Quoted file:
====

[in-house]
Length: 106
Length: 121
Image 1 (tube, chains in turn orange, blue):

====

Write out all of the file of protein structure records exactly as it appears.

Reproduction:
[in-house]
Length: 106
Length: 121
Image 1 (tube, chains in turn orange, blue):